Senate Votes to Rescind New Media Ownership Rules

The Senate employed a rare device Wednesday, voting to rescind new media ownership rules approved by the Federal Communications Commission (search) that would make it easier for corporations to expand their markets and cross ownership of print and broadcast outlets.

The Senate voted 55-40 to support a "resolution of disapproval" of new rules approved by the FCC in June. While Democrats lost a couple votes — Sens. Zell Miller of Georgia and John Breaux of Louisiana — and Sens. John Kerry of Massachusetts and John Edwards of North Carolina were on the campaign trail rather than the Senate floor, they managed to pick up 12 Republican votes.

"We have to ensure that the marketplace of ideas is not dominated by a few conglomerates at the expense of our citizens and our democracy," Sen. Patty Murray, D-Wash., said before the vote.

To be enacted, the measure — also called a "congressional veto" — would still have to pass the House and be approved by President Bush. The White House has threatened to veto the legislation.

Sens. Byron Dorgan of North Dakota and Trent Lott of Mississippi, sponsors of the legislation, said they believe the House would approve the measure. Lott said he believed it would be a "big mistake" for the president to veto it.

Sen. John McCain, R-Ariz., said he opposed the resolution because it was too broad.

"This action would invalidate both good and bad," McCain said, and added he supports restoring limits on national TV station ownership.

Critics of the new rules say they fear that easing media ownership would concentrate power and ideas as well as jeopardize the future of free TV.

Gene Kimmelman, senior policy director for Consumers Union (search), publisher of Consumer Reports magazine, said the major TV networks don't need the help.

"Free TV and pay TV are completely intertwined," he said Monday. "A handful of corporations own and control the vast majority of both."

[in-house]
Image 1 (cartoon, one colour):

In June, the Republican-dominated FCC voted 3-2 along party lines to ease the decades-old ownership restrictions. The changes included allowing a single company to own TV stations reaching nearly half the nation's viewers and combinations of newspapers and broadcast outlets in the same area.

FCC Chairman Michael Powell (search) said the old rules made it harder for broadcast networks to compete with cable and satellite subscription services, and the risks to free TV is part of the reason the agency relaxed the rules.

Major media companies said the changes were needed because the old regulations hindered their ability to grow and compete in a market altered by cable television, satellite broadcasting and the Internet.

But lawmakers from both parties and a broad range of groups criticized the changes, saying they could lead to a wave of mergers and ultimately stifle diversity and local viewpoints in news and entertainment.

On Sept. 3, a federal appeals court in Philadelphia temporarily blocked the rules from taking effect the following day as scheduled. Several other legal challenges to the rules from broadcasters and consumer groups are pending.

The Senate resolution is a legislative maneuver, also called a "congressional veto," that has been used successfully only once before. In 2001, the Republican-controlled Congress and White House used it to repeal workplace safety regulations issued late in the Clinton administration.

If the president vetoes the legislation, the House and Senate will need to come up with two-thirds support for overriding it, a threshold that would be difficult to cross.

The House dealt the FCC a surprising setback in July when it passed a broad spending bill that included a provision to block the commission from allowing individual companies to own TV stations reaching up to 45 percent of the nation's viewers, instead of the current 35 percent. The Senate Appropriations Committee approved a similar measure last week.

Before the House vote, the White House also threatened to veto any final bill containing language that would roll back the national cap. Republicans who support the new rules hope that threat will help them strip the provision from a final House-Senate compromise bill.

Fox News' Julie Asher and The Associated Press contributed to this report.